Recognition of research achievements in the BMBF funding measure Economics of Climate Change II
For more than 10 years, the German Federal Ministry of Education and Research (BMBF) has funded research projects in the field of the economics of climate change. On May 30 & 31, 2022, about 150 participants from academia, politics, society and business wrapped up the second funding phase at the conference "10 Years of Economic Research on Climate Change". It was the first meeting in a long time to present and discuss the results of the research conducted by the 29 project consortia. A varied program in the tradition of the Forum Climate Economics series led through the two days and provided an opportunity for exchange on climate policy challenges in the context of the current global political situation and on the longer-term tasks for climate economics research in the societal transformation process.
State Secretary Sattelberger Demands "Rigor AND Relevance" from Science
Dr. h.c. Thomas Sattelberger, Parliamentary State Secretary at the BMBF, emphasized in his welcoming address that climate change and economic issues related to it must remain important even in the face of the pandemic and war in Europe. Only with research, new technologies and innovations can the climate goals be achieved and adaptation to climate change succeed. Three important fields of action of the BMBF in this regard are: 1. the national hydrogen strategy, 2. research on negative CO2 emissions, and 3. a new funding priority on the topic of "climate protection and the financial sector". It is particularly important to investigate which instruments, beyond regulatory law and subsidies, constitute the strongest levers for transformation in an eco-social market economy. Analytical precision versus relevance are not antagonists in this context; instead of "rigor or relevance," it should be "rigor and relevance". State Secretary Sattelberger called on the scientific community to speak up, because discourse remains an important driver of change.
First conference day focuses on political discussion
The first day of the conference opened with a panel discussion on the current state of implementation of German and European climate protection legislation, moderated by Conny Czymoch. Berthold Goeke (Federal Ministry of Economics and Climate Protection, BMWK), Artur Runge-Metzger (retired Director, DG Climate Policy, EU Commission), Brigitte Knopf (MCC Berlin and Expert Council for Climate Issues) and Sabine Nallinger (Stiftung KlimaWirtschaft) engaged in lively discussions with the audience. In addition to decentralized discussions on current topics in climate economics and poster sessions to present project results, an optimistic energy economist (Christian von Hirschhausen, TU Berlin) and a pessimistic economic researcher (Jens Boysen-Hogrefe, Kiel Institute for the World Economy) engaged in a lively debate on the impact of the war in Ukraine on climate protection. One saw the European political signs as pointing to increased expansion of renewables and Russia as too isolated to negatively influence other countries in climate negotiations. The other saw Europe as merely moving away from Russian gas to fossil fuels from friendly countries. The split in commodity markets, Boysen-Hogrefe said, was leading to a shift in production to low-energy price countries friendly to Russia, thus weakening the climate impact of the EU ETS.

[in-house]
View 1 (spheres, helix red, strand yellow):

Early Career Best Paper Award ceremony
Another highlight was the recognition of the three best papers published by young researchers in the course of their doctoral studies within a project of the funding priority Economics of Climate Change. Hannes Greve (GIGA Hamburg), Lorenzo Montrone (MCC Berlin) and Svenja Fluhrer (PIK) were honored for their excellent research papers. More information
The second day of the conference is dedicated to challenges for academia
In addition to a variety of decentralized discussion panels and poster sessions, a highlight of the second day was the keynote by Cameron Hepburn (Smith School of Enterprise and the Environment, Oxford University) on "The state of climate economics." He explained his view on the current state of climate economics research by presenting where he sees progress, challenges, and new directions for research. The lively Q&A session after his keynote almost made one forget that he participated via videocall. The final panel, "Quo vadis Climate Economics," also addressed the question of what challenges remain for climate economics research and as well as for research funding. Karsten Hess (BMBF) and Jakob Schlandt (Tagesspiegel) discussed this question with Sabine Fuss (MCC) and Martin Kesternich (ZEW). With this final panel the conference, the funding measure Economics of Climate Change and the accompanying Dialogue on the Economics of Climate Change came to an end with a touch of wistfulness.